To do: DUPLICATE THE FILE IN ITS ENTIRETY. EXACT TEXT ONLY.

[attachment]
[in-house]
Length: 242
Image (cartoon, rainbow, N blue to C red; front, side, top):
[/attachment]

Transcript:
[in-house]
Length: 242
Image (cartoon, rainbow, N blue to C red; front, side, top):